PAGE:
Considerable attention has focused on the drivers of the opioid epidemic. However, less attention has been paid to whether the federal investments to address the issue are being effectively targeted to the communities most affected and to those with the highest overdose deaths. An effective response requires policymakers to know how resources are allocated and to use that information to minimize duplication and maximize the efficiency of limited resources. The federal government has not previously produced or made available a document that provides this information to the public or policymakers.

Compensation Consultants and the Level, Composition and Complexity of CEO Pay

Source: Kevin J. Murphy, Tatiana Sandino, Harvard Business School Accounting & Management Unit Working Paper No. 18-027, Last revised: March 8, 2019

From the abstract:
We provide fresh evidence regarding the relation between compensation consultants and CEO pay. First, firms that employ consultants have higher-paid CEOs—this result is robust to firm fixed-effects and matching on economic and governance variables. Second, while this relation is partly due to consultant conflicts of interest, it is largely explained by the impact consultants have on the composition and complexity of CEO pay plans; notably, this impact fully mediates the consultant-CEO pay relation. Third, firms with higher-paid CEOs and more complex pay plans are more likely to hire a consultant. Lastly, say-on-pay voting patterns suggest shareholders view positively the advice consultants provide but only when consultants do not provide other services. We also find suggestive evidence of boards “layering” new equity incentive plans over existing ones, thereby increasing the impact of composition and complexity on CEO pay beyond the premium the CEO would demand for bearing additional compensation risk.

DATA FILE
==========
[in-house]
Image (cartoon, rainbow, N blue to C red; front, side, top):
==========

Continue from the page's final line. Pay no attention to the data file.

The Child Care Crisis Is Keeping Women Out of the Workforce

Source: Leila Schochet, Center for American Progress, March 28, 2019

More mothers would increase their earnings and seek new job opportunities if they had greater access to reliable and affordable child care. ….

….This report highlights the relationship between child care and maternal employment and underscores how improving child care access has the potential to boost employment and earnings for working mothers. Based on new analysis of the 2016 Early Childhood Program Participation Survey (ECPP), it demonstrates how families are having difficulty finding child care under the current system and how lack of access to child care may be keeping mothers out of the workforce. The report then presents results from a national poll conducted by the Center for American Progress and GBA Strategies, which asked parents what career decisions they would make if child care were more readily available and affordable. Finally, the report outlines federal policy solutions that are crucial to supporting mothers in the workforce. ….

The Strike As the Ultimate Structure Test

Source: Jane McAlevey, Catalyst, Vol. 2 no. 3, Fall 2018

As the labor movement has begun to show signs of a revitalization, we excavate a volume, long consigned to obscurity, from an earlier era. As Jane McAlevey observes, even though almost a century has passed since its initial publication, Steuben’s book remains astonishingly relevant today — which speaks both to the enduring facts of employment relations in capitalism, as well as to the efficacy of Steuben’s strategic perspective.

Organizing to Win a Green New Deal

Source: Jane McAlevey, Jacobin, March 26, 2019

The labor movement has to be central to winning a Green New Deal and reversing climate change. Recent labor victories show how we can do just that, from the ground up, and quickly.